For reasons I today needed to apply some bulk updates to a lot of code files. A colleague did this last week, using sublime text to make the required changes within files, and then I helped him put together the necessary changes to rename files in Powershell. This week it has been my turn to do something very similar. Except the problem is, whilst I know I can do these changes in Powershell the exact commands always elude me and I need to work them out each time. So now is the time to document how I did it today for posterity.

My first step was to apply some file renames, but only to specific files. If you’re here your probably aware of Get-ChildItem -Filter "your-filter". My issue is that actually I only want to change files named *Your-Filter*and ignore *your-filter*. (Yes, I’m aware Windows isn’t case sensitive, but NTFS is….) Regexes are case sensitive, and Powershell does regex by default. Except Get-ChildItem doesn’t. What we can do though is pipe the files through to another Cmdlet and filter them there. For this we can use the Where-Object Cmdlet, which is aliased to ?. The last part then is to use Rename-Item to do the rename. And so:

Get-ChildItem -Recurse | ?{ $_.Name -match "Your-Filter"  } | %{ Rename-Item $_.PSPath -NewName ($_.Name -replace "Your-Filter","My-File") }

Breaking this down:

  1. Get-ChildItem -Recurse gets all of the items under the current directory and sub-directories.
  2. ?{ $_.Name -match "Your-Filter" } ? is an alias for the Where-Object Cmdlet, $_ is a pipeline placeholder, -match invokes a regex match. The whole construct filters the incoming files based on name using the provided regex.
  3. ($_.Name -replace "Your-Filter","My-File") is an expression that replaces Your-Filter with My-File and returns the new string.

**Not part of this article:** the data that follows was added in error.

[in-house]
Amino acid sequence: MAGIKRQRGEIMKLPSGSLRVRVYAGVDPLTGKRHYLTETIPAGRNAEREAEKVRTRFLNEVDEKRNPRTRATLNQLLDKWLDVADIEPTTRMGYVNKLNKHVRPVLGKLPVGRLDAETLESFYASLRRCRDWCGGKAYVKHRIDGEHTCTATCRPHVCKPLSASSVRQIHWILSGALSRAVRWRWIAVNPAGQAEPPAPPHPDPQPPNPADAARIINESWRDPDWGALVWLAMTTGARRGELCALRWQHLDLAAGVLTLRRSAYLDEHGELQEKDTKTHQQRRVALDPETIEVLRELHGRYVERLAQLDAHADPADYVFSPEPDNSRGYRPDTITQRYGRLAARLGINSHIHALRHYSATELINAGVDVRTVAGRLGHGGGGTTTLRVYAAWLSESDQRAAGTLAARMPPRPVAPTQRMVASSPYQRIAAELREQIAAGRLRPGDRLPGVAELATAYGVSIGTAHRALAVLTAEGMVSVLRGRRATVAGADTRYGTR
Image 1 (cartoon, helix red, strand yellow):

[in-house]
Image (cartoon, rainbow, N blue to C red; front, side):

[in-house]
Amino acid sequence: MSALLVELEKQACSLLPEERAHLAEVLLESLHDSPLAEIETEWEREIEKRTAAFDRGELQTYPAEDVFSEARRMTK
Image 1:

4. %{ Rename-Item $_.PSPath -NewName ($_.Name -replace "Your-Filter","My-File") } % is an alias for the ForEach-Object Cmdlet, looping over each object in the pipeline. For each item, we then call the Rename-Item Cmdlet, passing it the items PSPath property. The new name is derived from the expression shown in step 3.

The next step was selectively change the contents of files. Theoretically this can be done using Get-Content and Set-Content. But there are two problems:

  1. Set-Content seems to always update the specified file. This is problematic because only some of the files need changing, and I don’t want a commit touching every single file.
  2. Get-Content (by default) gets the file contents as an array of strings. This makes it hard to determine if we can skip updating the current file.

The key (for me) to resolving this was discovering that Get-Content has a -Raw flag that retrieves the contents as a single string. Using this I was able to come up with the following multi-line script:

$files = Get-ChildItem -Recurse | ?{ !($_.PSIsContainer) }

foreach($file in $files) {
  $contents = Get-Content -Path $file.PSPath -Raw

  if($contents -match "Your_Filter") {
    Set-Content -Value ($contents -replace "Your_Filter", "My_Filter") -Path $file.PSPath

Breaking this down:

  1. $files = Get-ChildItem -Recurse | ?{ !($_.PSIsContainer) } get the list of items in the current directory and sub-directories, and then filters out any directories (as you can’t alter the contents of a directory in this way…). The list of files is then assigned to the $files variable.
  2. foreach($file in $files) loops over the files in the $files variable. This could have been written as %{ ... } with $_ replacing $file.
  3. $contents = Get-Content -Path $file.PSPath -Raw gets the contents of the current file as a single string.
  4. if($contents -match "Your_Filter") as above -match invokes a regex comparison on the variable.
  5. Set-Content -Value ($contents -replace "Your_Filter", "My_Filter") -Path $file.PSPath when executed this step will cause the text Your_Filter to be replaced with My_Filter and then saved to the file.

The above could (probably) be re-written as a one-liner just using pipes and without variables, and I leave that as an exercise for you the reader :) .